The Electric (Literature) Slide: Boogie Woogie Woogie

Posted by @ 9:00 am on October 6th, 2009

spark / CC BY 2.0

Whenever a new literary magazine debuts I am intrigued because it means there’s one more group of people in the world who support words, writing and writers. I have found Electric Literature particularly interesting because they actually pay (and quite well) their writers. They have a slick, aggressive advertising campaign with ads like this and this and others suggesting that their magazine offers “reading that is bad for you.” I’m not sure what that means. The writing in the first issue didn’t feel dangerous.

I’ve been even more intrigued by the Electric Literature rhetoric, positioning the magazine as innovative and groundbreaking as if they are doing things no one else has ever done before. One of the ways in which they are new is that the magazine is available in many formats including print, iPhone, Kindle and ebook versions. They are not the first nor will they be the last magazine to take a multimodal approach but they certainly are the most vocal about it. They’ve also released a short story trailer and a sentence animation. I hate literature based trailers so for me, those efforts don’t represent innovation. That’s neither here nor there.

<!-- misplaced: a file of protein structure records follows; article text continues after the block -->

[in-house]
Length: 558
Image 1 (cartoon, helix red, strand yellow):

I bought the first issue of EL on my Kindle and enjoyed it a great deal. I’ll be buying the next issue as well. They are publishing great writing but I have consistently been left with the sense that the marketing message is inconsistent with the product. There were no surprises in the first issue–all the stories were written by very well established writers, offering fairly traditional (and excellent) literary fare. I understand why the editors made that choice but again, I struggle with the notion that they are, as they state on their website, “a light on the horizon.”

It is impossible and unfair to judge a magazine on the basis of one issue. Only time will tell just how electric Electric Literature will be.

Still, as I think about the magazine, I always feel like I’m missing something. They are well-funded, yes, but I do not see the light. What are your thoughts on Electric Literature? What would it take for a magazine to be truly innovative, in this day and age?

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